1:53 | Equipment
Boost Your Bag: How to hit your driver off the deck
Hitting a driver off the deck is one of the toughest shots in golf. The key, according to Top 100 Teacher Lou Guzzi, is to make contact with the ball first as you would with a fairway wood.
By Michael Chwasky
Thursday, August 31, 2017

Unlike NCAA hoops, driver manufacturing doesn't tolerate "one-and-dones." To better meet the needs of players across all skill levels, brands now offer multiple variations of similar designs. Typically, they pair a standard model with a higher-spinning version designed to promote or augment a draw, and a low-spin version that doesn't. But choosing the right iteration isn't as clear cut as the descriptions intend.

According to Hot Stix Golf general manager Chris Marsh, the best place to start is the most obvious. "A "standard" model is the most neutral, and tends to fit the widest range of players, while the low-spin model is a better match for faster swingers." As you can guess, a driver family's high-spin model would work best in the hands of a slicer, thanks to the built-in draw bias.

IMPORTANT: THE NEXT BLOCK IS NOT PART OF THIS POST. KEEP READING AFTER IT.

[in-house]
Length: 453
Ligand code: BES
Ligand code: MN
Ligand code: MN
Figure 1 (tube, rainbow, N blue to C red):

Match your driver's spin bias to your speed and consistency to dial up perfect drives.

The multi-club system demands an honest talent self-assessment—a huge variable. It also fails to address the proverbial exceptions to the rule, such as the faster swinger who can't beat his slice, or the slow-speed guy who happens to generate tons of spin.

Master fitter Matt Knitter of Club Champion comments, "If you have a 110 mph swing, it's not an automatic that you'll perform best with the lowest-spinning model. Attack angle and ballstriking consistency have a huge impact. If your impact is inconsistent, start with the most forgiving head, ignoring speed. If you're consistent but slower, I'd suggest a lower-spinning model, even though it's designed for faster swingers."

The bottom line is that the wider selection of designs is a boon to golfers who want to max out their performance, provided they take the time to get properly fit. "Don't go it alone," suggests Knitter. "With the multi-model setup and the eye of an experienced fitter, it's nearly a given that you'll drive the ball farther and straighter."

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